Olve Peersen - ProfessorPh.D., Yale UniversityRNA dependent RNA polymerases and viral replication complexesThe picornaviruses are a family of small positive sense single stranded RNA viruses that cause a wide range of diseases in humans and animals. These include the rhinoviruses that cause the common cold and poliovirus, the prototypical member of this family. We are interested in understanding the molecular details of picornaviral replication and are using structural biology and biophysical techniques to determine the structure of viral proteins and study their interactions.
Jessica Prenni - Joint Faculty, Associate Professor, Director Of Research Core Facilities, Director of Proteomics & Metabolomics FacilityPh.D., University of ColoradoMass Spectrometry Based Proteomics and MetabolomicsProteomics and Metabolomics are fields of scientific study which combine techniques in purification and separation, mass spectrometry and bioinformatics. In our lab we utilize these tools for the identification and characterization of proteins and small molecules in a variety of biological systems.
Eric Ross - Associate Professor & Associate Chair for Graduate StudiesPh.D., Mayo Graduate SchoolYeast prions as a model for amyloid diseasesNumerous diseases including Alzheimer's disease, Parkinson's disease and transmissible spongiform encephalopathies are associated with protein misfolding into ordered aggregates, called amyloid fibrils. We are using yeast prions as a model system for examining the causes and consequences of amyloid fibril formation.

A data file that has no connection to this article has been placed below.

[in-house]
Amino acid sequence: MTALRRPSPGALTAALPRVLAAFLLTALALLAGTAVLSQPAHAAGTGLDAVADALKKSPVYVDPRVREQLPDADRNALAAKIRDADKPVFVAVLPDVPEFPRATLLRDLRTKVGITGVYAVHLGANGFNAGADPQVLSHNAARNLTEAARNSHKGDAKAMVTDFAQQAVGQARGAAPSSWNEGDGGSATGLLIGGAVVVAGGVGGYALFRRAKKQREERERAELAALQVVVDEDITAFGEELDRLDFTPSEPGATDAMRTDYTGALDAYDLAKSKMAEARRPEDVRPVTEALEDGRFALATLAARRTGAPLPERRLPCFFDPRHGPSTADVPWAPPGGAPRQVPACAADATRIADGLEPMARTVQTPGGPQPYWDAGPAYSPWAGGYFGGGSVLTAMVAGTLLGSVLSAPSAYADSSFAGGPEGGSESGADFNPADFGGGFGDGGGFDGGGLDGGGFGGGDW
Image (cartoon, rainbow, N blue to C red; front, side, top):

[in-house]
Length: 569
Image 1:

Tom Santangelo - Associate ProfessorPh.D., Cornell UniversityMechanisms and regulation of archaeal transcriptionMembers of the Archaea often occupy unique, harsh, and ever-changing biological niches. These changing environments necessitate precise and timely regulation of gene expression. Our laboratory focuses on the regulation of transcription, from a global perspective to a detailed structure-function analysis of the archaeal RNA polymerase. Many Archaea can also produce bio-hydrogen and our laboratory is focused on a rational metabolic-engineering effort to generate strains with altered hydrogen production levels.
Christopher Snow - Assistant Professor of Chemical and Biological EngineeringPh.D., Stanford UniversityNanomaterials, Physical, Biomolecular, and Theoretical ChemistryComputational design, simulation, and experimental validation of new enzymes, and crystalline biomolecular assemblies. We convert porous protein crystals into “3D molecular pegboards” for the controlled assembly of nanoparticles, enzymes, fluorescent proteins, oligonucleotides, and other functional molecules.